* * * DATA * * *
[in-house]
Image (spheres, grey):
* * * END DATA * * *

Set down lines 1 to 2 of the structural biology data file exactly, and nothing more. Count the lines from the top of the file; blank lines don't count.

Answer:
[in-house]
Image (spheres, grey):